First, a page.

The Portuguese Example


Portugal's drug decriminalization experiment largely looks like a success:

[T]here’s evidence that Portugal’s great drug experiment not only didn’t blow up in its face; it may have actually worked. More addicts are in treatment. Drug use among youths has declined in recent years. Life in Casal Ventoso, Lisbon’s troubled neighborhood, has improved. And new research, published in the British Journal of Criminology, documents just how much things have changed in Portugal. Coauthors Caitlin Elizabeth Hughes and Alex Stevens report a 63 percent increase in the number of Portuguese drug users in treatment and, shortly after the reforms took hold, a 499 percent increase in the amount of drugs seized indications, the authors argue, that police officers, freed up from focusing on small-time possession, have been able to target big-time traffickers while drug addicts, no longer in danger of going to prison, have been able to get the help they need.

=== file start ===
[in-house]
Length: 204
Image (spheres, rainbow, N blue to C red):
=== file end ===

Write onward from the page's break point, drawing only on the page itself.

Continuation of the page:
Drum has further questions:

One of the big questions in drug policy is just how elastic the demand for illegal drugs is. It makes sense that if you lower the price of marijuana or cocaine, use will go up, and that lowered price can be in the form of either actual dollars or reduced risk of being fined or arrested. But as always, the question is: how much? If decriminalization increases drug use by a few percent, that's not bad especially considering the massive downsides of the war on drugs. But if it doubles or triples drug use, the consequences are more severe. The more data we have on this, the better.